Approximately 1 in 2 Canadians will be diagnosed with cancer in their lifetime, and half of these patients will die as a result of their disease. Similarly, orphan fibrotic diseases are severely debilitating, potentially life threatening, and can frequently lead to cancer. No effective treatments exist for most fibrotic diseases. Founded in Canada in 2011, Forbius is a clinical-stage company that's on a mission to change this and discover life-saving treatments for cancer and fibrosis – with preclinical help from the NRC.
The NRC's Human Health Therapeutics Research Centre hosts the largest research and development team dedicated to the preclinical advancement of biotherapeutics in Canada, with approximately 340 employees working in state-of-the-art facilities located in Montreal, Ottawa and Halifax. Its primary goal is to develop therapeutics and vaccines to address unmet medical needs that hold the potential for improving the health and quality of life of Canadians. At the same time, it's also committed to providing collaborators and business partners with support for innovation, including strategic research, and scientific and technical resources, which enable the development of solutions to accelerate and de-risk the drug development pipeline for small and medium-sized enterprises (SMEs) in Canada. Whether it be by developing new biotherapeutics internally and making them accessible to Canadian SMEs, or by providing scientific and technical expertise for the development of external assets and/or providing access to its R&D facilities, the NRC plays a critical role in the success and growth of Canadian SMEs.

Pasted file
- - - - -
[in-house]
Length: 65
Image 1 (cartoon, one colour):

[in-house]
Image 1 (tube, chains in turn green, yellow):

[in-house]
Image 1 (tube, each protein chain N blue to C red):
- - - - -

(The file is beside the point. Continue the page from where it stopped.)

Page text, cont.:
Forbius' recent successes in moving AVID200, a potential breakthrough treatment for cancer and fibrosis, into human trials is a direct result of a strong scientific and business collaboration between itself and the NRC. Following the publication of an initial proof-of-concept for an AVID200 prototype drug by NRC scientists in 2012, the NRC and Forbius entered into a co-development agreement in 2016 to accelerate the drug's clinical development path. Throughout the course of the partnership that followed, the team at the NRC was responsible for designing and carrying out critical experiments that allowed Forbius to reach critical corporate milestones. The company has since received approval to move ahead with clinical development from both Health Canada and the U.S. Food and Drug Administration (FDA). AVID200 is currently undergoing Phase 1 clinical testing in solid tumors and orphan fibrotic diseases across Canada and the United States. Initial clinical results are expected in 2020.
Prior to the work on AVID200, Forbius also partnered with the NRC on AVID100, a highly potent therapeutic that selectively targets cancer cells that overexpress a cancer-causing gene called EGFR. AVID100 holds significant potential for the treatment of highly aggressive cancers, including lung, head and neck, and triple negative breast cancers. AVID100 is currently in Phase 2 clinical trials across centres in Canada and the United States.
"Our goal is to transform the lives of patients by developing urgently needed anti-cancer and fibrosis therapeutics," says Ilia A. Tikhomirov, President and CEO of Forbius. "We have a natural partnership with the NRC, which is focused on foundational, cutting-edge discoveries and pre-clinical research that Forbius can then rapidly advance into clinical trials. With 2 novel agents entering clinical trials in less than 3 years, the collaboration between Forbius and the NRC has been extremely successful and could lead to saving many lives."
Initially located in the NRC Royalmount industrial wing, Forbius recently expanded to new Canadian headquarters located in Montreal's Old Port district. The company has grown from a single employee to 40 people, opened new offices in the U.S., and has attracted approximately $100 million in capital. Clinical trials and continued product development are ongoing, and the future is looking bright for this Canadian company. A complete list of Forbius' ongoing trials can be found at clinicaltrials.gov.